Remembering the Day After

Today as I reflected on what to write on the 6th anniversary of Haiti’s earthquake, I asked my colleagues to share their thoughts on how the earthquake had changed their lives. I learned things that I had never known. I learned that some of my co-workers lost children. I learned that some of them lost their jobs when the places where they worked collapsed. I learned of children who lost their schools and teachers. In losing loved ones, and limbs, and homes, thousands of Haitians lost the life they knew and the future they had imagined. I was reminded that we all lost something that day, all of us who live in Haiti, all of us who love Haiti. We lost our sense of safety. We lost the walls we build to keep out the pain and suffering of others.

Today is a day of mourning and remembrance, but it is also a day to remember what came after. I was reminded of this by my co-worker, Herby Sanon, who shared his reflections with me.

“Malgre sa te di anpil paske nou te pran yon gwo kou, tranblemandete a fe nou vin konn kiyes nou ye, vin fe nou konnen se fre ak se nou ye, Malgre nou pa gen menm koule po, nou pa gen menm kouch sosyal, rich oubyen pov, save oubyen sot. Nou se yon fanmi fok nou viv youn pou lot, youn sipote lot. Mwen ta jis renmen tout ayisyen tounen nan pase pou sonje mekredi maten 13 janvye 2010, kote yon sache dlo e yon bonbon te pataje bay plis pase 10 moun, sa se travay kem te viv. Mwen ta renmen ke tout Ayisyen oubyen lemond antye kreye menm lanmou sa, pa selman pou peyim anvanse men fe mond la anvanse tou. Paske san lanmou youn pou lot pa gen anyen ki kapab debloke. Mwen ta renmen pou nou fe menm feso sa pou nou kapab rive kote n vle rive a.”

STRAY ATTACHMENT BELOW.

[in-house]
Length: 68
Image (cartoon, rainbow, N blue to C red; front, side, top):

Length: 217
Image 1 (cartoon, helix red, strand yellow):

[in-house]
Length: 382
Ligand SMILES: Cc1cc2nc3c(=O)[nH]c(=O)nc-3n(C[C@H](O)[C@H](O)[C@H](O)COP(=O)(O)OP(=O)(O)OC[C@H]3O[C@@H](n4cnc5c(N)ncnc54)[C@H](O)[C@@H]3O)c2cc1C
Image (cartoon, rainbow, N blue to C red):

Even though the experience was difficult for us, the earthquake showed us who we are. It reminded us that we are all brothers and sisters, even if we don’t have the same color skin or social class. Rich and poor, educated and uneducated, we are a family and we must support one another. I would love for all Haitians to remember the morning of January 13, 2010, when one water sachet and one cracker was shared between more than 10 people; it is that moment that I remember. I ask that all Haitians, and indeed everyone in the world, work to find that same love, not only for the advancement of Haiti, but for the advancement of the entire world. It is our love for one another that allows us to overcome obstacles. Let us remember that love so that we can all achieve our dreams.”

Women preparing food for earthquake victims in Ti Plas Kazo.

Women preparing food for earthquake victims in Ti Plas Kazo.

The SOIL family in Port-au-Prince was born of the solidarity that followed the earthquake. Just as we mourn today, let us wake up tomorrow and remember the day after the earthquake, the day that Haitians, and millions of others around the world, broke down the barriers that divide us – sharing not only our common grief, but also a renewed commitment to a stronger, more vibrant Haiti. I know that my colleagues felt it, as did those of you reading this letter. Let the anniversary of the earthquake in Haiti serve as a reminder of our shared humanity and the fire for change that burns inside each one of us who lived through that day. Today we honor the memory of those who were lost and take inspiration from the solidarity of those who survived.

With love from Haiti,

Sasha, Herby, Junior, Ghislaine, Romel and the rest of the SOIL family


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